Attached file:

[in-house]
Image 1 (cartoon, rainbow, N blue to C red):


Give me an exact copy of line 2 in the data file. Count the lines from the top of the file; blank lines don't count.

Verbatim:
Image 1 (cartoon, rainbow, N blue to C red):